Iron is an important trace element and found in the active centre of many enzymes. It is usually bound intracellularly in a protected and non-redox-active way or safely stored in ferritin. However, during degradation of iron-containing proteins inside lysosomes iron is released and at least temporarily redox-active. If hydrogen peroxide that has escaped the cellular antioxidative defence system diffuses into lysosomes and reacts with iron (Fenton reaction), the highly reactive hydroxyl radical is formed. Depending on the amount of the radical produced, intralysosomal material can either be cross-linked resulting in the production of the non-degradable age pigment lipofuscin, or the lysosomal membrane can be peroxidized and eventually rupture with release of apoptosis-inducing lysosomal enzymes. Since iron is usually not excreted, with time its level increases in post-mitotic cells and it becomes bound to lipofuscin. The accumulation of lipofuscin and the resulting misdirection of lysosomal enzymes in the unfruitful attempt to degrade this age pigment lead to a reduction of degradative capacity of the cell and, therefore, abnormal protein aggregates that occur e.g. in Parkinson's or Alzheimer's disease are not degraded.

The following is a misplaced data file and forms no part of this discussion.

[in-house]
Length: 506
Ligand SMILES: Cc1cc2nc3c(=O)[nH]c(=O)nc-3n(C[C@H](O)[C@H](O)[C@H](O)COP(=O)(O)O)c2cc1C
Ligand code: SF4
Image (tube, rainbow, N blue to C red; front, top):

Here it is shown that lysosomes contain the major part of redox-active iron and demonstrated that its reactivity can be modulated pharmacologically by iron chelators preserving lysosomal stability and protecting against oxidative stress-induced cell damage. Temporary intralysosomal chelation of iron also occurs naturally by autophagy of iron-binding proteins. The use of iron chelators may offer an opportunity to prevent lipofuscin accumulation.